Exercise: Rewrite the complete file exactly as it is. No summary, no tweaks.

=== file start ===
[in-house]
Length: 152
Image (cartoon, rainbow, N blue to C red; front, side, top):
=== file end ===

[in-house]
Length: 152
Image (cartoon, rainbow, N blue to C red; front, side, top):